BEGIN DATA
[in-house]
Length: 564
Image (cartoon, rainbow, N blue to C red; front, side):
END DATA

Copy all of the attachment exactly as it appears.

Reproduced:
[in-house]
Length: 564
Image (cartoon, rainbow, N blue to C red; front, side):